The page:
Stenhammar was born in Stockholm, and was the brother of architect Ernst Stenhammar. He received his first musical education in Stockholm. He then went to Berlin to further his studies in music. He became a glowing admirer of German music, particularly that of Richard Wagner and Anton Bruckner. Stenhammar himself described the style of his First Symphony in F major as "idyllic Bruckner".[1] He subsequently sought to emancipate himself and write in a more "Nordic" style, looking to Carl Nielsen and Jean Sibelius for guidance.[2] The latter's Symphony No. 2, especially, had a great effect on him, leading him to change his style and withdraw his own First Symphony from performance.[2] Having seen Sibelius's symphony performed in Stockholm, Stenhammar wrote to him:

You should know that you are in my thoughts daily ever since I heard the symphony. You magnificent person, it is of course a huge armful of wonder that you brought up out of the unconscious and ineffable depth. That which I felt has been verified: You are in this moment for me as the foremost, the only, the enigmatic one.... I have also just written a symphony. At least it is called a symphony, and only in accordance with the understanding that you perhaps have forgotten should it be dedicated to you. However, nothing came of it. It is quite good, but somewhat superficial. I yearn to reach my inner self. And you can wait until I have arrived there. The great day when this happens, I will print your name in large letters on the title page. It may become a symphony or something else.[2]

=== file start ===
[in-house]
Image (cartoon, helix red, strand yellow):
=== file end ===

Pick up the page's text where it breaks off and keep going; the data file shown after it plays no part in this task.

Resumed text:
The result of his search for a new style was the Second Symphony in G minor, composed nearly twelve years after the First Symphony, which shows the influence of Nielsen, Sibelius and Franz Berwald among others.[2]

From 1906 to 1922 Stenhammar was Artistic Director and chief conductor of the Gothenburg Symphony, the first full-time professional orchestra in Sweden. In this capacity, he organised many performances of music by contemporary Scandinavian composers. In 1909, he briefly held the position of director of music at Uppsala University, where he was succeeded the following year by Hugo Alfvén.

Wilhelm Stenhammar died of a stroke at 56 years of age in Jonsered in the historic province of Västergötland. He is buried in Gothenburg.


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